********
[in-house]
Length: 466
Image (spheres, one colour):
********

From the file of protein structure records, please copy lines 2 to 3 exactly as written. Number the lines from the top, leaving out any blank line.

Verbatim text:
Length: 466
Image (spheres, one colour):